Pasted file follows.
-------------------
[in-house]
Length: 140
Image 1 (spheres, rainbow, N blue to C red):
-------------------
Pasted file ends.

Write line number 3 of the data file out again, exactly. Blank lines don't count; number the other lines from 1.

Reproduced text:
Image 1 (spheres, rainbow, N blue to C red):